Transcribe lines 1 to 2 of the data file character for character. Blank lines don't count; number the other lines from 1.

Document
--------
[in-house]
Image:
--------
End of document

[in-house]
Image: